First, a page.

The Moral Commonwealth
Take away the wicked from before the king,
And his throne shall be established in righteousness.
MY KING," pronounced the Protestant martyr Robert Barnes, "does not care about religion!" 1 What kind of presumptuous nonsense was this that dismissed the Supreme Head of the English Church and Defender of its Faith as a pharisee? How could a prince who had spent his life laboring in the Lord's vineyard, clipping and pruning the formularies of the true faith so that his subjects might live "in one faith, one hope, one charity" and, best of all, in one perfect agreement, be lacking in religion? 2 How could the royal theologian who had, in his own words, "travailed to purge and cleanse" his kingdom of hypocrisy, superstition and "sinister understanding of Scripture" be wanting in faith? 3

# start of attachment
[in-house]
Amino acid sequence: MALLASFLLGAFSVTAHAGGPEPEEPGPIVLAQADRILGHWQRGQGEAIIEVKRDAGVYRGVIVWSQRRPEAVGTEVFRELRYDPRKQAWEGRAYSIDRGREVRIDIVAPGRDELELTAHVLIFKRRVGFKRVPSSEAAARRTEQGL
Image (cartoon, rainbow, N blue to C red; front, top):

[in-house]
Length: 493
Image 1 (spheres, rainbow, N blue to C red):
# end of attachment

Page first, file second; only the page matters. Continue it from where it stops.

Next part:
The root of the issue dividing the King from Barnes and all those who felt the devil's breath close upon them was essentially semantic. No one denied that man's life was a moral drama, but for the healthyminded monarch morality was an organizational matter of external obedience to a prescribed code of righteousness, while for Barnes and the "sick souls" of his world it was a question of internal spiritual contentment. In theory there should have been no conflict between the two definitions. If individual conscience is in harmony with the spiritual aspirations and institutional procedures of society, socially acceptable actions--joining pilgrimages or peace corps, founding monasteries or libraries, spreading the gospel or clearing the slums--will produce inner satisfaction. In fact, society rarely achieves such a perfect balance of ethical values and social techniques. Either the rules of